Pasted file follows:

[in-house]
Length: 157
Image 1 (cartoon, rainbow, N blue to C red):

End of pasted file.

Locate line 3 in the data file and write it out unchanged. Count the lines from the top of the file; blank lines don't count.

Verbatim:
Image 1 (cartoon, rainbow, N blue to C red):